Here & there: Here’s how one principal has truly learned to ‘teach them well’

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FEATURE — This week my house went back to school. Well, not officially. Officially, we did all of back-to-school things you need to do to go back to school.

We bought color coded folders, glue sticks and colored pencils. We filled in wardrobes with new shoes for bigger feet and shorts without holes.

We did the “meet your teacher, find your desk and locker” elementary-school thing. And we did the “follow the green arrows through registration and meet with your counselor to change your schedule” high-school thing.

We met new teachers. We hugged old teachers. We saw old friends. We roamed familiar hallways that looked like they too had grown a little wild in the hot summer sun.

We also reunited with our elementary school principal. But something was different about him. Yes, he still sports button up shirts with wild designs. Yes, he still has goofy bleach-blonde hair. And yes, he still wears a puka shell necklace.

But now he’s also got a tattoo on his left forearm. In simple script, it reads: “teach them well.”

My incoming third grader, who adores this principal, looked at the tattoo and didn’t say a word. Once clear of the school, he said, “Wow!” Then he paused. “That guy is really dedicated [to us].”

It’s true; that guy really is dedicated to his school and his students. And he’s dedicated to the principle he now espouses on his arm – both in word and in deed.

We learned that when my son was a first grader, within the very first week this man took over as principal of our school. On day two, he had an intense run-in with my son, who was accused along with a few others of throwing girls down to the ground on the field. The principal let the boys have it.

But the next day after some additional investigation, the principal determined he’d gotten it wrong.

Yes, some boys had been throwing girls down onto the field. But not all of the boys he’d accused. Between seeing the incident from afar and getting on scene, the crowd of players had morphed. He didn’t know the faces one from another; he grabbed whoever was closest.

Others in his position might have discounted the error because it was an honest mistake – the important thing is that he stopped a dangerous situation and protected his female students.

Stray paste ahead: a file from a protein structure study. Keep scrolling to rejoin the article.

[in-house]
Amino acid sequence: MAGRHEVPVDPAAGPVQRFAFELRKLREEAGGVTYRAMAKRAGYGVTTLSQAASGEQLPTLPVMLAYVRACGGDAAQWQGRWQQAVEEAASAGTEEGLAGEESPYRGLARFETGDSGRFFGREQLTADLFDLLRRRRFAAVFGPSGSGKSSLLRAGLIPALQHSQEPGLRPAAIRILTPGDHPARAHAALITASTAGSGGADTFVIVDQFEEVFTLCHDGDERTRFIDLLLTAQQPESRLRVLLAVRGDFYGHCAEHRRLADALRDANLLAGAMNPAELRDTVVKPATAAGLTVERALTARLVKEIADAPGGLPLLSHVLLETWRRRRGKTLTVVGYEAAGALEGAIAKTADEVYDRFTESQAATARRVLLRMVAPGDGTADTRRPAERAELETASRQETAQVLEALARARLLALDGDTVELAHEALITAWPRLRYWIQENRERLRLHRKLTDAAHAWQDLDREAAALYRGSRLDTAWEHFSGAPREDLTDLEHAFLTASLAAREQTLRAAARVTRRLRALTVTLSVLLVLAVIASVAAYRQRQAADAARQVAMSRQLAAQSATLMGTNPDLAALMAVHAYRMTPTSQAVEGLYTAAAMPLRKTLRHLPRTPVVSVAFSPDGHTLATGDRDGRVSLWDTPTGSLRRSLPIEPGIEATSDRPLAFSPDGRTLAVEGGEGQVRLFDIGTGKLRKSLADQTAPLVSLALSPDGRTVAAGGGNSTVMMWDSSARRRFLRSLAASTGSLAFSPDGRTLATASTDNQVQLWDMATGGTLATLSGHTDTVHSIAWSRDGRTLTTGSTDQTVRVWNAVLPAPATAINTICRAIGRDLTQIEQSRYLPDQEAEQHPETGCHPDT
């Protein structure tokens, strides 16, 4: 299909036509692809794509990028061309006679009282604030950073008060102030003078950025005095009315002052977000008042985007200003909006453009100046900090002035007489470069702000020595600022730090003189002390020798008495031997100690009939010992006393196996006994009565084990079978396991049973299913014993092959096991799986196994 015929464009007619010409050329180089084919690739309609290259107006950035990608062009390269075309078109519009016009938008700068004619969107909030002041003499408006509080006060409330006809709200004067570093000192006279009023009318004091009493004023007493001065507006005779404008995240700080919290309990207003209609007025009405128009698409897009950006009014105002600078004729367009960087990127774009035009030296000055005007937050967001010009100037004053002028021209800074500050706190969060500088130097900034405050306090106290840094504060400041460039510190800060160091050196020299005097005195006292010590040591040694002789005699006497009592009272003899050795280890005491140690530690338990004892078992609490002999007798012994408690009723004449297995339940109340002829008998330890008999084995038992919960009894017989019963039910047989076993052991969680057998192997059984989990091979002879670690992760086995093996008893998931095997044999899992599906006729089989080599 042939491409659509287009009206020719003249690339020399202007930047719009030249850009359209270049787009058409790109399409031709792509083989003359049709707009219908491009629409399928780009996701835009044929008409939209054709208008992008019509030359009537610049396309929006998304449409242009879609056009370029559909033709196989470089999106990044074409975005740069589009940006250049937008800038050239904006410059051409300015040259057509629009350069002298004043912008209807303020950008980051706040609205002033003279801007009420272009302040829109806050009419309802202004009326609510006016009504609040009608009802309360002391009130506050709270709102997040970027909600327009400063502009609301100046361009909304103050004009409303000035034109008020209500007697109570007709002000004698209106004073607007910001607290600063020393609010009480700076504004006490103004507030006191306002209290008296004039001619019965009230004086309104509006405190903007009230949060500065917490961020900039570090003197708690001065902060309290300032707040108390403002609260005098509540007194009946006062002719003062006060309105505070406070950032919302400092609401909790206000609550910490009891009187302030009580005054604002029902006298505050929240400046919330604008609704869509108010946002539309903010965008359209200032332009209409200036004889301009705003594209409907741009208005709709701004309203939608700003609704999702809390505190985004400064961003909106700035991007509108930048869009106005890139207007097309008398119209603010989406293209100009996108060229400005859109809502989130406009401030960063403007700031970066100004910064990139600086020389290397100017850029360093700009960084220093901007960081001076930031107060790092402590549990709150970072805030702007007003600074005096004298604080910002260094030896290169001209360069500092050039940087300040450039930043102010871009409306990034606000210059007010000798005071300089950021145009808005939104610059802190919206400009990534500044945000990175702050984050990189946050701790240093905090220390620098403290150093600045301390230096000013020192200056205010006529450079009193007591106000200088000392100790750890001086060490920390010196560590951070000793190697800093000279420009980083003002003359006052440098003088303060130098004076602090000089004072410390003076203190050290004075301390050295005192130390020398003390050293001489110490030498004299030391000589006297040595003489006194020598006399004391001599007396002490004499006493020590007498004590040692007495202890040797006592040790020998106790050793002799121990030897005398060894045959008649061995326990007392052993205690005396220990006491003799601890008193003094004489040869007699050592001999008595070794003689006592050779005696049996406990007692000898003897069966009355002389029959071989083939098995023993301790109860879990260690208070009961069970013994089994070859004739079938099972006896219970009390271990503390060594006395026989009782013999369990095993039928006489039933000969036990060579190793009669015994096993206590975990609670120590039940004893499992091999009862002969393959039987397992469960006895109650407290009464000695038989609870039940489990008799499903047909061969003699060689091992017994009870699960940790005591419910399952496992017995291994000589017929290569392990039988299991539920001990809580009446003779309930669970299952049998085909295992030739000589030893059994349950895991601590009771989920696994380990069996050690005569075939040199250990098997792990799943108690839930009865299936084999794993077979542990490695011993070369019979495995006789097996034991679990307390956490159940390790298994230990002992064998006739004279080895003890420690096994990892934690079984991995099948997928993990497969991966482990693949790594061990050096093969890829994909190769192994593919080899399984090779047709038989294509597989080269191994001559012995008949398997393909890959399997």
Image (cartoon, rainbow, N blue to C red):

But not this principal. This principal went to each of the boys he’d wrongly accused and apologized.

I was present for the apology to my son. It went something like this: principals make mistakes just like everyone else. I made a mistake and I’m sorry. I should have done more investigating before I accused you of doing something wrong. I was scared when I saw that dangerous thing happening and I just reacted. But I’m going to do better in the future.

That apology made a powerful impression on my son, who used it as evidence when he lobbied his brother, who had left the school the previous year under a different administration, to give the neighborhood school another chance.

He used it to motivate himself when he didn’t feel brave enough to apologize to a friend when an apology was due.

To date, it has been one of the most important lessons of his educational career. And he’s learned a lot of math and reading and science.

Yes, teach them well. Teach the children well. That’s a lesson for us all – not just the principal with a tattoo telling him so.

Let’s teach our kids – this school year and the next and the next one after that – that’s it’s not all about getting straight “A’s” or never making a mistake. It’s about being kind, learning to forgive, admitting when you’re wrong, making mistakes and allowing others to make them too.

And it’s about always trying to do better next time.

Kat Dayton is a columnist for St. George News. Any opinions given are her own and not representative of St. George News.

Email: katdayton@gmail.com | news@stgnews.com

Twitter: @STGnews

Copyright St. George News, SaintGeorgeUtah.com LLC, 2018, all rights reserved.

 

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1 Comment

  • Borowiak Mark August 19, 2018 at 10:38 am

    Want to improve education and our country? How about some discussion of patriotism, manners, and respect. Grammar, note taking, and basic arithmetic at the elementary level would build a good foundation for upper grades. This is a general recommendation and not focused on this principal.

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